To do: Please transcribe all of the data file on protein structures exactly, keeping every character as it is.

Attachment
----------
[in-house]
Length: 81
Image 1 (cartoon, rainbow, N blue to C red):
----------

[in-house]
Length: 81
Image 1 (cartoon, rainbow, N blue to C red):